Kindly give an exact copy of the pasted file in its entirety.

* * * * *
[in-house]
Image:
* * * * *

[in-house]
Image: